WINDHOEK: About one in five complainants withdraw their protection order applications before they even receive a final order, Coordinator of Gender Research and Advocacy Project, Dianne Hubbard at the Legal Assistance Centre (LAC) said on Tuesday.
Hubbard made the remarks at the launch of a report by the LAC titled ¨Seeking Safety¨ on Tuesday an extensive assessment of domestic violence in Namibia and the operation of the combating of Domestic Violence Act here.
Launching the report of the study that was conducted since 2006, Hubbard said one of the reasons why this research was done is that there has never before been a study of how the combating of Domestic Violence Act is working on the ground
¨Although there has been several studies of other aspects of domestic violence in Namibia, much of the data is not well-known adding that the data is not actually used to inform law and policy,¨ she said.
Hubbard said one of the most worrying findings of the research is that complainants withdrew protection order applications in large numbers.
She explained that under the law, when you apply for a protection order, you are normally first issued with an interim order on an emergency basis.
¨The interim order is made final after the magistrate hears both sides of the story at an inquiry,¨ Hubbard stated.
She said the LAC study shows that more than three-quarters of people who apply for a protection order receive an interim order with most getting some or all of the provisions they requested before adding that there is a huge attrition after that.
According to their study, only one- quarter of the applications resulted in a final order as some complainants reconcile with their abusers which could mean that the interim order alone was sufficient to stop the violence.
Hubbard said according to the study it is also likely that some complainants are threatened or intimidated into abandoning their attempts to get a protection order.
¨Where a complainant does not appear at an inquiry, the court is suppose to request the station commander of the closest police station to investigate the reasons for the non-appearance to ensure that no intimidation has taken place,¨ she questioned.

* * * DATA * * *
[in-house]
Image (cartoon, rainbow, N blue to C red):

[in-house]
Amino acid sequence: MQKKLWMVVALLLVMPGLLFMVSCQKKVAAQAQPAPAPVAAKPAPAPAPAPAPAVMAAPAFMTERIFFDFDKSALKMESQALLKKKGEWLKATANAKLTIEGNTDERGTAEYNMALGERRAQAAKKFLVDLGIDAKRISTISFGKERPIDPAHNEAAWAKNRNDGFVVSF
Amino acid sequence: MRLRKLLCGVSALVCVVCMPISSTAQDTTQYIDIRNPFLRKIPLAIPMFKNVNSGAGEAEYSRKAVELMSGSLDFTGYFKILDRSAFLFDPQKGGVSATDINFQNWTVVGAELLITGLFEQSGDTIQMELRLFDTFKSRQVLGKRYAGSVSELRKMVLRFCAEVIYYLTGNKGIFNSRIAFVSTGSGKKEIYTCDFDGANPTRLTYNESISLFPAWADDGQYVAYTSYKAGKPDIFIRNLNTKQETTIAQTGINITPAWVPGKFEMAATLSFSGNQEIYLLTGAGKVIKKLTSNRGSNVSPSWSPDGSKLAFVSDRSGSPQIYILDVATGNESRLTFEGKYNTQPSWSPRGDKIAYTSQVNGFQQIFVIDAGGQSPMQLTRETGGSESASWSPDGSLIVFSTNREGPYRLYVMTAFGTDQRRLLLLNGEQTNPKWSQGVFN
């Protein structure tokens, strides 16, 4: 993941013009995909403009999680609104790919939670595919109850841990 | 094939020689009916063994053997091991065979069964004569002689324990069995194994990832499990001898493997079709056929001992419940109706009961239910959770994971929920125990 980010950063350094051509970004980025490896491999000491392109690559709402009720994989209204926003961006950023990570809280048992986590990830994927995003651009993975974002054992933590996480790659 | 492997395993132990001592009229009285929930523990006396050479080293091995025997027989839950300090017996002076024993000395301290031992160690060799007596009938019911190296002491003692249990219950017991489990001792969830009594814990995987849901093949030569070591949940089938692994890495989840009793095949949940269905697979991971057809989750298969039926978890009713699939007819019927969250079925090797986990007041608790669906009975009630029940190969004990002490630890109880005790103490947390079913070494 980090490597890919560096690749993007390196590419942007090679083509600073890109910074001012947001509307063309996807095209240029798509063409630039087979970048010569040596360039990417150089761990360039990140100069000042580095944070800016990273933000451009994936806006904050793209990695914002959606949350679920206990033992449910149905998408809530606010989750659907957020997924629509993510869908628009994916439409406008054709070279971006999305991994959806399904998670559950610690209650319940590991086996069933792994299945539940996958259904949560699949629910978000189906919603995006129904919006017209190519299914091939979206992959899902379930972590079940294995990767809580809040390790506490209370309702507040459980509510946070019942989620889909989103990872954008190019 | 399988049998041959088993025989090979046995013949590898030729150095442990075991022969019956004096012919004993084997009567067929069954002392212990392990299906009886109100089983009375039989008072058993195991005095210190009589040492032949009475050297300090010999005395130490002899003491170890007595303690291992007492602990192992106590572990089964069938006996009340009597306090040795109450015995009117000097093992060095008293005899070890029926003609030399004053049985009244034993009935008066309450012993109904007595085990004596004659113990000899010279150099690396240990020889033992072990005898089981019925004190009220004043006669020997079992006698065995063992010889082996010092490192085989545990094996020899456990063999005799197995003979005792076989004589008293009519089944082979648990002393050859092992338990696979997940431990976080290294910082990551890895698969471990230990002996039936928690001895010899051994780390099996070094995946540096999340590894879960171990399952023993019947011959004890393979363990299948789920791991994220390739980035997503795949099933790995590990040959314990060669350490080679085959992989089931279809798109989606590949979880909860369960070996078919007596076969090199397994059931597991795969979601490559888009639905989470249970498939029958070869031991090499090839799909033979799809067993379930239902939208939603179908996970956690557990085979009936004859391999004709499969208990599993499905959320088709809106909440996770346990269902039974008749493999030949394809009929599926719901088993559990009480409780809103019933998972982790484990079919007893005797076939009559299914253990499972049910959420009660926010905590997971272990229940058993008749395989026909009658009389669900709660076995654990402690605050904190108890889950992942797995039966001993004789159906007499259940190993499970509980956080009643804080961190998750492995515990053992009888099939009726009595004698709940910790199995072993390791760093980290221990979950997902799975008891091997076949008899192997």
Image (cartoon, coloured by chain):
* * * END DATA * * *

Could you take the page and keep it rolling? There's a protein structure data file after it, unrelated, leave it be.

The study also found she said that out of 42 cases where complainants did not appear at inquiries, only 10 files recorded such a request from the court to the station commander and only two files contained replies.
The study found that there is no provision for follow ups by social workers either.
¨So I worry that we are leaving some victims at the mercy of their abusers after they try to reach out for help,¨ Hubbard said.
Meanwhile Hubbard also mentioned domestic violence following the study is very serious in the country adding that three-fourths of the complainants had suffered physical abuse and that one out of every two complainants had received death threats.
Some of the threats recorded on the application forms are as follows: He would kill the complainant, set her on fire and then kill himself.
¨Two threatened to cut the complainant´s head off, one said, he would cut the complainant´s breast off and another said he would put out the complainant´s eyes,¨ she said.
The report also revealed that by the end of 2008, 1000 protection order application were received nation wide.
9 out of 10 protection order applications come from women whilst one out of every ten protection order application comes from men.
¨Domestic violence is a gender based crime, but both men and women do suffer and both are reaching out for help,¨”Hubbard said.
However the study recommended to simplify the application forms and the procedure for making interim orders final, since the current procedure is not well understood by either complainants or respondents.
It also recommended a standard procedure for making protection orders available after hours and on weekends, something which is dependent at present on the goodwill of individual officers, the study suggested.